But the biggest reason for my disconnect with A Confident Heart is rooted not in Swope’s tone or style, but in the very problem she attempts to address. At the end of the day, I don’t know if I believe ‘self-confidence’ is actually something Christians need in the first place. Swope occasionally calls it ‘God-confidence’ in order to distinguish it from sinful pride, but she still essentially means ‘the way we think about ourselves.’ The promises she highlights talk a lot about who we are, what we will receive from God, etc. These are biblical promises, but the end goal still seems to be the change how we think about ourselves. And I’m not sure that’s helpful or necessary. Meditating on God’s promises does tell us about ourselves, but first and foremost, those promises tell us about God. And when we’re full up with faith in the character of God, I don’t think we’ll actually spend all that much mental energy on ourselves at all. I don’t think self-confidence will enter into it. Which makes sense—when I experience low ‘self-confidence’, it is not myself I am doubting, but God. I am questioning His sovereignty, His ability to work through a sinful vessel, His finished work on the cross, His goodness, His faithfulness. I don’t think there’s actually a Christian category for ‘self-doubt.’ We’re either experiencing appropriate humility about our fallen nature and our weakness apart from Christ, or we’re doubting God Himself.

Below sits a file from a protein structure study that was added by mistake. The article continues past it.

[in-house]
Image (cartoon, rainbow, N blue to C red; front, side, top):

As a result, I tend to eye with skepticism any scheme with the ultimate goal of me thinking about me. Even if I’m doing it in a more biblical way, I’m still thinking about me. And I just can’t bring myself to think that should be our goal. I sincerely doubt that Paul gave himself pep-talks about self-confidence. You see a lack of self-confidence in Bible heroes when they struggle—Gideon, say, or Moses, who doubted that God could use them. They might claim to suffer from self-doubt, but really, they doubted Goddoubted that He would (or could) do what He said He would. Since their doubts are not really about themselves at all, God addresses those doubts by telling them who He is. And once those doubts are assuaged, you don’t see Gideon or Moses bursting into a rousing chorus of “I Have Confidence” from The Sound of Music. They’re too busy talking about God. Once these folks see God aright, once they have confidence in God, their self-confidence is a non-issue. It’s beyond irrelevant. Like a cow’s opinion, it’s moo.

Honestly, I suspect Swope would agree with me; I suspect our differences are more semantic than substantive. She certainly wants her readers to place their confidence in God and not themselves. But the fact remains that her book has too much of a self-oriented cast for me to be thoroughly on board.

However, I freely acknowledge that I am likely in the minority on this issue. Lots and lots of Christians—men and women both—extol the virtues of increased godly self-confidence and a more biblical self-concept. There may well be merit in these goals. If you believe you need more self-confidence or want to change the way you think about yourself, A Confident Heart will encourage you to do so in a biblical way.


Reviewed in connection with the Patheos Book Club.

Alexis Neal regularly reviews young adult literature at www.childrensbooksandreviews.com and everything else at quantum-meruit.blogspot.com.